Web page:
Transcript: Breast Cancer and Alcohol: How Much is Safe?
Recently, the IARC, the International Agency for Research on Cancer, the official World Health Organization body that decides what is and what is not cancer-causing, concluded that alcoholic beverages--all alcoholic beverages are to be considered carcinogenic to humans.
Most recent research has focused on acetaldehyde, the first and most toxic alcohol metabolite, as a cancer-causing agent. Seems that bacteria in our mouths oxidize alcohol into this carcinogen called acetaldehyde, which we then swallow.
There's convincing evidence that alcohol consumption increases the risk of breast cancer, but most of the data derive from studies that focused on the effect of moderate or high alcohol intakes, while little was known about light alcohol drinking (up to 1 drink/day), hence this new meta-analysis of studies that compared light drinkers to non-drinkers, and found a moderate but significant association with breast cancer, based on the results of more than 100 studies.
They estimate that about 5,000 breast cancer deaths a year are attributable to light drinking, meaning nearly 5,000 women that died of breast cancer maybe wouldn't have if they had stayed away from alcohol completely, leading to an editorial in the medical journal Breast that concluded "women who consume alcohol chronically have an increased risk for breast cancer that is dose dependent but without threshold," meaning there's apparently no level of alcohol consumption that doesn't raise breast cancer risk at least a little. So, no safe threshold. Any level of alcohol consumption appears to increase the risk of developing an alcohol related cancer.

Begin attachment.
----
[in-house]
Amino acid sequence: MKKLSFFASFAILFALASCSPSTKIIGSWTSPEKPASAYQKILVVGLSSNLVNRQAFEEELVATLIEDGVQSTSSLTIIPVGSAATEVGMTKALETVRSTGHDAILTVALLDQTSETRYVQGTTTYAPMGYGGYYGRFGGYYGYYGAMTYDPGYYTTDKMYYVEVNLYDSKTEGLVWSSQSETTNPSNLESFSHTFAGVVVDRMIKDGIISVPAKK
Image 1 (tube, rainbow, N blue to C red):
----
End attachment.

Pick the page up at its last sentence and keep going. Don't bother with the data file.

For example, the Harvard Nurses’ Study found that even consumption of less than a single drink per day may be associated with a modest increase in risk. Forget a single drink what about a single sip. A new study found that even holding a teaspoon of hard liquor in your mouth for 5 seconds—and then spitting it out results in Carcinogenic concentrations of acetaldehyde produced from the alcohol in the oral cavity instantly after a small sip of strong alcoholic beverage, and the exposure continues for at least 10 min after spitting it out.
Even alcohol-containing mouthwash can give you a carcinogenic spike. The researchers conclude, " All in all, there is a rather low margin of safety in the use of alcohol-containing mouthwash. Typical use will reach the concentration range above which adverse effects are to be expected. Until the establishment of a more solid scientific basis for a threshold level of acetaldehyde in saliva, prudent public health policy would recommend generally refraining from using alcohol in such products.
So why isn't the same recommendation made for alcoholic beverages? Well, as the Harvard paper concludes "individuals will need to weigh the risks of light to moderate alcohol use on breast cancer development against the benefits for heart disease prevention to make the best personal choice regarding alcohol consumption. They're talking about the famous J shaped curve. While smoking is bad and more smoking is worse, and exercising is good and more exercise is better, for alcohol there appears to be this beneficial effect of small doses. A six-pack a day raises overall mortality, but so does teetotalling.
The #1 killer of women isn't breast cancer, it's heart disease, and a drink a day reduces the risk of heart disease. Why just reduce the risk of heart disease, though, when you may nearly eliminate the risk of heart disease with a healthy diet? So a plant-based diet that excludes certain plant-based beverages may be the best for overall longevity.
To see any graphs, charts, graphics, images, and quotes to which Dr. Greger may be referring watch the above video. This is just an approximation of the audio contributed by Jonathan Hodgson.
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